Since the exposure unit equipped with the DMD exposes a predetermined area of the exposure region at one time, high-speed modeling is made possible.

In the present embodiment, pixels are exposed such that 26 neighboring pixels or more are not exposed at one time, namely, 25 pixels are exposed at one time. However, each pixel sub-group incorporated in the first group has an area of about 1.56×10−2 mm2 to 6.25×10−2mm2, whereby distortion due to the curing shrinkage can be inhibited.

In the above-described third embodiment of the present invention, description of an example in which the pixel sub-groups 124 to be exposed during the first exposure processing are arranged in checkers has been given. However, for example, as shown in FIG. 11, the pixel sub-groups 124 can be arranged such that the pixel sub-groups 128 comprising 25 neighboring pixels in a row direction are shifted a half pitch in a row direction for every other column. Further, a pixel sub-group 130 is a single pixel sub-group comprising the remaining neighboring pixels.

In the above-described third embodiment of the present invention, description of an example has been made in which a pixel sub-group incorporated in the second group is a single pixel sub-group comprising the remaining neighboring pixels. However, the second group can comprise pixels that do not neighbor each other. For example, as shown in FIG. 12, the exposure region 16 is divided into a plurality of pixels. The plurality of the pixels are further divided into a first group formed by pixel sub-groups 132 comprising 13 neighboring pixels and a second group formed by pixels 134 comprising remaining and non-neighboring pixels 134. Also in this case, since the pixel sub-groups 132 incorporated in the first group to be exposed at one time during the first exposure processing are arranged in a staggered shape without neighboring each other, neighboring pixel sub-groups are not exposed at one time, and the curing shrinkage is produced within one single pixel sub-group, whereby distortion due to the curing shrinkage does not spread to pixel sub-groups neighboring the one single pixel sub-group. Further, since each of the pixel sub-groups that were cured during the first exposure processing is surrounded by uncured resin, the uncured resin is supplied into shrunk portions of the pixel sub-groups that were cured during the first exposure processing, whereby distortion is inhibited. In addition, since the pixel sub-groups 134 incorporated in the second group to be exposed at one time during the second exposure processing do not neighbor each other, the pixel sub-groups neighboring each other are not exposed at one time, and the curing shrinkage is produced within a range of the one single pixel sub-group, whereby distortion due to the curing shrinkage does not spread to pixels neighboring the one single pixel sub-group.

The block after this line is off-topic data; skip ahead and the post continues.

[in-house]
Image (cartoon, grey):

Fourth Embodiment

In a fourth embodiment of the present invention, the exposure region is divided into a plurality of pixels. After the plurality of the pixels have been exposed such that two neighboring pixels or more are not exposed at one time, when unexposed pixels are exposed, the unexposed pixels are allotted to two groups, and exposed for each of the two groups such that two neighboring pixels or more are not exposed at one time. By exposing the resin three times, a photo-curable resin is cured in an amount of one layer so that a plate-shaped object to be optically modeled is obtained. Further, also in the fourth embodiment of the present invention, an optical modeling device that is the same as that in the first embodiment of the present invention is used.

As shown in FIG. 13, the exposure region 16 is divided into a plurality of pixels. The plurality of the pixels are allotted to three groups comprising: a first group comprising pixels 136 that do not neighbor each other, a second group comprising pixels 138 that do not neighbor each other, and a third group comprising remaining and non-neighboring pixels 140. FIG. 13 shows a portion of the exposure region 16. If the exposure unit 18 equipped with the DMD 28 comprising one million pixels, for example, is used, the exposure region 16 is divided into one million pixels.

Image data corresponding to the exposure region 16 and inputted to the exposure unit 18 is converted to three sets of image data comprising first image data for exposing the pixel sub-groups 136 incorporated in a first group, second image data for exposing the pixel sub-groups 138 incorporated in a second group, and third image data for exposing the pixel sub-groups 140 incorporated in a third group.